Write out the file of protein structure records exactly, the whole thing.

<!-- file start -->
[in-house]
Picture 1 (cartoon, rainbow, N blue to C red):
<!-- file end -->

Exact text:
[in-house]
Picture 1 (cartoon, rainbow, N blue to C red):